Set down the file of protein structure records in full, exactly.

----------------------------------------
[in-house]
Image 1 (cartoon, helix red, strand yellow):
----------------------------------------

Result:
[in-house]
Image 1 (cartoon, helix red, strand yellow):